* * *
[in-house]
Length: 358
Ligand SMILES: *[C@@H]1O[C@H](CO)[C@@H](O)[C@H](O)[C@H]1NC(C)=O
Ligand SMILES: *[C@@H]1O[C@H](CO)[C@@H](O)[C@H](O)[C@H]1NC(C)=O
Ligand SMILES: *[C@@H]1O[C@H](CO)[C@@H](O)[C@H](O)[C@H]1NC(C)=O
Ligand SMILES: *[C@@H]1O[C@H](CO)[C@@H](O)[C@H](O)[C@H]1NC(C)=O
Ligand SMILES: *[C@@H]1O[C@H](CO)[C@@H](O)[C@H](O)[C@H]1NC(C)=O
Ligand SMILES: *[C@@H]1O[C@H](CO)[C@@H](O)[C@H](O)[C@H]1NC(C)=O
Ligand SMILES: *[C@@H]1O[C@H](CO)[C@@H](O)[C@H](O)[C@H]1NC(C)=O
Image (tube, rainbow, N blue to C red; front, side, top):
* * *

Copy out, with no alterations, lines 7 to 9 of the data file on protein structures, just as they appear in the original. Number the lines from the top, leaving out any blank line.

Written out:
Ligand SMILES: *[C@@H]1O[C@H](CO)[C@@H](O)[C@H](O)[C@H]1NC(C)=O
Ligand SMILES: *[C@@H]1O[C@H](CO)[C@@H](O)[C@H](O)[C@H]1NC(C)=O
Ligand SMILES: *[C@@H]1O[C@H](CO)[C@@H](O)[C@H](O)[C@H]1NC(C)=O